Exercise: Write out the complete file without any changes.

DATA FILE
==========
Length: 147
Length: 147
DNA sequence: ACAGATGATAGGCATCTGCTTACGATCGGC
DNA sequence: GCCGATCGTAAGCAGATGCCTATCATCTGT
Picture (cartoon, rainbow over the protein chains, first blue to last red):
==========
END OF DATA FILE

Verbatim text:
Length: 147
Length: 147
DNA sequence: ACAGATGATAGGCATCTGCTTACGATCGGC
DNA sequence: GCCGATCGTAAGCAGATGCCTATCATCTGT
Picture (cartoon, rainbow over the protein chains, first blue to last red):